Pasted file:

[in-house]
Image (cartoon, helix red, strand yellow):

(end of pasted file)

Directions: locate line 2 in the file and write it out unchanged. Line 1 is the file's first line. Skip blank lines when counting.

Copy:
Image (cartoon, helix red, strand yellow):